Bhubaneswar: Quite often we stumble upon some crazily relatable story and think to ourself, ‘I wish I could write too’. However, it is not as difficult as we assume it to be.
City-based author and editor Rhiti Chatterjee, who has authored several short stories with Rupa Publications and edited several anthologies, revealed the secret to a perfect short story in a session recently conducted at Bhubaneswar-based NGO, Unmukt Foundation.
Rhiti shared the ‘what you need to know’ of short story writing. Before you pen down the most-awaited story, do not forget these:
A short story is typically between 1500-4000 words. (However, there might be exceptions depending on the requirements of a publishing house)
Most short stories are driven by conflicts. A short story will have one or more such conflicts within it, either separately or overlapping one another. It is recommended not to use multiple conflicts in a story unless you are writing a novel and don’t have word limits. The five main conflicts are:
Man vs Self– Where the protagonist has personal conflicts like disability, breakup, divorcing parents and others.
Man vs Society– This usually involves some societal norms that the protagonist is fighting against, for example, dowry.
Man vs Man– This is one of the most common conflicts where another man becomes the antagonist.
Man vs Nature– This conflict covers nature’s wrath as a hindrance in the story. For example, tsunami, flood and others.
Man vs Supernatural– Fantasy-driven, this conflict talks about a supernatural or superficial villain like paranormal presence, or the likes in superhero movies.
Planned or Unplanned?
The next thing to keep in mind is that there are two approaches to writing- planned and unplanned. While unplanned is a spontaneous overflow of thoughts put down on paper, planned stories are ones that you work on, research and read about before putting down on the paper.
Unplanned is for people who do not have the compulsion to write but planned stories need to be worked on as most times, they are written for a purpose.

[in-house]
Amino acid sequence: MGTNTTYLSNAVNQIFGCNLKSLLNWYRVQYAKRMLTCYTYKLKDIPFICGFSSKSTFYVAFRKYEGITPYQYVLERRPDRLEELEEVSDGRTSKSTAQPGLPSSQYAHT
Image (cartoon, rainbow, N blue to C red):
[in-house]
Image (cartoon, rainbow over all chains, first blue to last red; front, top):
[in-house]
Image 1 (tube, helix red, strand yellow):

An ideal story structure follows the pattern of exposition or introduction, rising action, climax, falling action and resolution or conclusion. The story ending can be both open or closed.
Exposition- The first few paragraphs should establish the genre and mood of your story, including the introduction of the main character or the protagonist.
Rising Action– This should speak about the conflict you have chosen and all other characters must be introduced since it is a short story. The character development of side characters and the antagonist is equally important for the story because they put in motion the actions of the protagonist.
Climax– The usual notion of a climax is it is the ending. Much to the surprise of many, the climax is when the problem/conflict/complication in the story is at its peak.
Falling action– Here onwards, the story has to make sense- which means, the dots have to be connected so as to put it together.
Conclusion– The final result of the story is important. One can try several different conclusions and check what suits them the most.
All characters should be three dimensional. Flawless characters do not seem real. So, it is advisable to not spend a lot of time over describing the characters’ physical features. Observing people around is one of the best ways to sketch realistic characters.
The style, language and the vocabulary used should be relevant to the story being written. For example, a story set in an urban scenario will have a different language style than one set in a rural area. The time period used for the story should also be kept in mind.
Use dialogues to break the monotony of narration. All dialogues must be written in the style of spoken English.
Short stories work best when told in first person or third person narrative.
The final stage of your story is editing it properly, checking for developmental gaps and grammatical errors. Even an extremely well-written story can also put off the readers if not edited properly.